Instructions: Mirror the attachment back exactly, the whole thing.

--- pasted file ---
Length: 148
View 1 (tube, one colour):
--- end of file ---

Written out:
Length: 148
View 1 (tube, one colour):